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Zaria welcomes all black women to blossom together

An organization dedicated to inclusion creates a new community on campus

Black hair is beautiful for Masai Hunter .jpg

"Zaria, where black womxn blossom." Illustration published on Thursday, Nov. 29, 2018.

Zaria, an ASU student organization established in 2013, relaunched this week with the goal of creating a community for women of color.

Zaria, named for a city in Nigeria, means blossoming flower. The club's symbol is a lotus, which is a flower that originates in the muddy ground of swamps. Despite this gloomy environment, the end of the growth process produces a beautiful flower.

Although the mission and goals of the organization remain unchanged, the logo "where black women blossom" was changed to "where black womxn blossom", the 'x' replacing the 'e' to use non-binary and inclusive language.

Ni'Sea Thurman-Wamubu, a freshman double majoring in photography and social justice, is the president of Zaria.

After attending a 10-day leadership training held by the Black African Coalition, Thurman relaunched Zaria after a recommendation from the BAC advisor.

At the first general body meeting on Nov. 27, members talked about their experiences as black women attending ASU, a predominately white institution, and how to grow Zaria as a community.

"As black women, we have a unique advantage and opportunity to teach others around us and have a voice," Thurman-Wamubu said. "We're all here going to school with a passion and story, and our voice is important. We all represent ASU."

Thurman-Wamubu is biracial and identifies as black. She grew up in Milwaukee, Wisconsin where she faced a lot of ignorance of race and culture. 

"I've been made aware of my race since (I was) 4 years old. For an art project in elementary, my teacher told me that I can't color the angels brown," Thurman-Wamubu said. "I'm grateful for growing up where I did because I was given first-hand exposure to a lot of social injustice issues and see the importance of starting a community."

She said the goal of Zaria is to enable black women to feel empowered in different environments throughout all of ASU's campuses.

"We want to incorporate healing and growth because a lot of times these discussions open wounds and we aren't always aware of tools that can help our mental and emotional well-being," Thurman-Wamubu said.

J'Ana Massey, a freshman majoring in business communications, is the co-vice president of Zaria. 

Massey is from Georgia, and said she experienced culture shock when she moved to Arizona due to a lack of diversity in the state.

Massey said black women face different issues than black men do. 

"Black men's struggle gets highlighted much more in society and being a black woman, we are often raised to take on problems outside of our own," Massey said.

Massey said she overheard a racist comment while walking on the ASU campus. 

"I was walking on campus, and two white guys were talking about a black girl at a party and describing her hair and butt. They made a joke about her lips and compared her to Donkey Kong," Massey said. "I looked back at them, and they said it again and started laughing."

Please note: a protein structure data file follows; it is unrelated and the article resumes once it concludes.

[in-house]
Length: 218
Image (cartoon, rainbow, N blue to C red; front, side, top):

Massey is passionate about film and wants to be a screenwriter, and the representation of black women in media is very important to her.

"I feel like people don't always support us or look at us in a positive way," Massey said. "Black women are often portrayed as ghetto or angry and as a film maker, I want to show the different representations of black women in a positive light."

Moon Berhane, a senior majoring in digital and integrated marketing, was previously a member of Zaria and plans to be involved in the re-launched organization.

"At times as a black women, you go through life and no one understands how you feel, but Zaria is a place where I know I'm not alone and it's comforting," Berhane said.

Berhane remembers discussing interracial dating at ASU with the previous Zaria organization. 

"Sometimes we're just a fetish to people," Berhane said. "When men tell me I have the perfect skin tone or look exotic, it's a backhanded compliment. Last weekend, I went on a date with a white guy who said I had the perfect skin tone, and he wouldn't date anyone darker. This made me so angry and disgusted."

Berhane has also experienced prejudice at ASU. "One time, this kid asked me how I afford to pay for school. He said 'you must play sports,'" she said.

Danielle Embry-Clark, a freshman majoring in psychology, is the secretary for Zaria.

"Community, for me, means people who give back to those who are less fortunate and make their community feel more like a home and a family. It's about a sense of unity," Embry-Clark said.

With the goal of fostering unity and empowerment for women of color, Zaria will continue to hold meetings next semester.

"When I think of being a black woman, I think of strength and resilience. I think of holding myself to a higher standard as a leader," Embry-Clark said. "Zaria can shape the ASU community by promoting a sense of self for black women."

 Reach the reporter at or follow @masaihuntertv on Twitter.

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